Ratatouille the Musical is a TikTok phenomenon that is here to stay

The cast of "Ratatousical" proves that “Anyone Can Cook”

ILLUSTRATION: Maple Sukontasukkul / The Peak

By Kyla Dowling, Staff Writer

It started with a TikTok.

Creator Emily Jacobsen was fooling around and created a viral hit of herself singing a ditty about the titular character Remy in Ratatouille. Then, Daniel J. Mertzlufft (the mind behind TikTok’s lesser known production, The Grocery Store Musical) made a musical theatre arrangement of her song, entitling it the “Act Two Finale”. Soon after, TikTok creators began duetting and forming the Ratatousical, contributing anything from lyrics and choreography to orchestrations and playbill designs. The project was picked up by Broadway producers and the months-long project culminated in a one-weekend-only virtual show benefitting The Actors’ Fund. 

The virtual show was evidently a labour of love. With cameos and credits from many prominent TikTok creators such as Gabbi Bolt, RJ Christian, and Blake Rouse, whose contributions made it to the final product, the production avoided the fate many feared — a cease and desist from Disney. The show starred Tituss Burgess from The Unbreakable Kimmy Schmidt as Remy, the rat who can cook. Because the show was only an hour long (despite the movie being nearly two hours), Burgess was burdened with having to give heavy exposition. It’s a testament to his skill as an actor that these frequent monologues were able to keep the audience engaged. 

Burgess wasn’t the only talented cast member. The casting, done by Taylor Williams, was magnificent. Broadway’s Andrew Barth Feldman (of Dear Evan Hansen) starred as Linguini, the human chef who partners with Remy, and he brought brilliant comedic timing and all-star vocals to the role. He, as well as Kevin Chamberlin (Gusteau), were part of the production longer than their castmates — Feldman was recruited by a composer friend to sing as Linguini in a TikTok and Chamberlin wrote the first-act number “Anyone Can Cook.” The cast was rounded out by Ashley Park as fierce Colette, Wayne Brady as Remy’s father Django, Mary Testa as Chef Skinner, Priscilla Lopez as a terrifying old lady, and the formidable André De Shields as antagonist Anton Ego. The terrific leads were accompanied by a strong ensemble, including brief cameos of Twitter’s resident theatre comics (producers Patrick Foley and Michael Breslin, as well as Natalie Walker and Larry Owens) as pop-culture-reference-slinging reporters.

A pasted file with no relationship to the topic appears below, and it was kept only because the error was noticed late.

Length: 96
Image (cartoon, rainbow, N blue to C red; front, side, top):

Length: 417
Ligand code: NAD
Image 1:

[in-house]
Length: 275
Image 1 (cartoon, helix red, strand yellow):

One of the more interesting casting choices was Adam Lambert as Remy’s rat brother Emile. Donning eyeliner, jewellery, and with a notable lack of rat ears, Lambert attempted to infuse his performance with an edginess and sexiness that just didn’t quite fit the part. It felt as though he decided to play himself, but as a rat. 

It was those sorts of decisions that made the show less than it could have been. The lack of unison when it came to costume choices — such as rat ears, chef hats, and drawn-on whiskers — put a damper on the production. The way of merging each actor’s individual videos together, on the other hand, was quite engaging. As the old lady chased after the rats, she swept left and right, sending the videos of Remy and Emile running off the screen. That scene worked; however, the awkward way that Colette’s solo was backed up with videos of herself dancing did not. Given that the show came from Michael Breslin, Patrick Foley, and Jeremy O. Harris — the minds behind the hilarious and brilliant Circle Jerk, a virtual show that premiered in November, I expected something more cohesive. 

With that said, the incorporation of these portrait-frame videos, as well as special effects, such as a grainy flashback of Gusteau, harkened back to the show’s origins: TikTok. In those flashbacks, Chamberlin’s TikTok handle could be seen on the side of the screen. Other special effects were recognizably from TikTok, such as how some ensemble members, when dancing, were shadowed by replicas of themselves. It’s difficult to critique some of these elements, when the director (Lucy Moss of Six, who is mentioned in one of the many cheeky broadway references) clearly broke form to appreciate the show’s humble beginnings. 

Where the show really shone, however, was in the finale. First, it displayed the Broadway Sinfonietta — a female, majority BIPOC orchestra that is revolutionizing the future of Broadway — before the ensemble shouts “TikTok! Here we go!” What followed gave me the same chills I used to get watching live theatre. So many of the original videos contributing to the musical popped up on screen — videos of choreographers, orchestrators, and even people pretending to be stage managers for the production. Everyone who participated, even if their contributions were not included, was acknowledged and applauded. The bows were particularly wonderful, with the ensemble getting solos throughout a melody of nearly every song in the show, and the original creators of each song getting to bow along with the actor who sang it. 

The message of the show, of course, was that anyone can cook and achieve their dreams, and the production of the Ratatousical musical stood by that. They showed that anyone can compose a song or create choreography or be a part of something. Better yet, by giving all the money from the donate-what-you-can tickets to the Actor’s Fund, the show directly contributed to the dreams of others. Anyone can cook, anyone can perform, and the makers, producers, and even fans of the Ratatousical want to make sure you know that.